In a futuristic riff on Romeo and Juliet, Rapp (The Children and the Wolves) and Cavallaro (Foiled) run with the idea that humanity is in the midst of a "great acceleration," imagining a not-so-distant America in which speed, brevity, and commerce are prized above all else. Fifteen-year-old Angela feels innately uncomfortable in a world in which everyone says "Go" when they're finished speaking (as though hurling conversation back and forth), farm animals are branded with corporate logos, and cybernetic implants in citizens are just one aspect of a surveillance state. After Angela receives an illicit copy of a cult classic book, she discovers a literal underground movement striving to create a slower, more considered existence, and she finds unexpected (and tragic) romance with a fellow rebel, Gladys. It's a world of absolutes, strikingly reflected in Cavallaro's jittery, angular illustrations, which largely forgo shading in favor of stark black-and-white scenes; color is used only twice, powerfully heightening the emotions in each scene. Rapp's rapid-fire dialogue eerily evokes a society hurtling down a troubling road and raises haunting questions about sacrifices made in the name of safety, productivity, and progress. Ages 14–up. (Feb.)
Copyright 2017 Publisher Weekly Annex.
School Library Journal Reviews
Gr 10 Up—Welcome to a brave new world that is marketing-forward and tech-heavy. Culture has been reduced to snippets of perfectly packaged and abbreviated elements. It's a world run by the Guarantee Committee (GC), and the inhabitants are "protected" and monitored to ensure that they are keeping everything short. Students at Hyper High no longer study the classics; instead, they take Brief Lit, which abridges the classics and simplifies the language. It's a world that 15-year-old Angela hates. She wants to revel in language and luxuriate in art, so it isn't difficult for her to commit to an Underground community that she discovers by accident in Blackhawk Caves. In the Underground, Angela falls in love with Gladys and becomes an active part of the resistance. As with all great tragedies, it is a love destined for heartbreak. Rapp and Cavallaro successfully rely on the problem play format and use it to weave a cautionary tale about our fast-paced world. Cavallaro's choices of predominantly black-and-white artwork complement this gripping, thought-provoking narrative. Frames are employed to create unique panels that propel readers to the conclusion, and the spare use of full color heightens the emotion of the piece. VERDICT Fans of George Orwell's 1984 and Ray Bradbury's Fahrenheit 451 will find much to ponder in this notable graphic novel.—Jodeana Kruse, R. A. Long High School, Longview, WA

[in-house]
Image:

Copyright 2016 School Library Journal.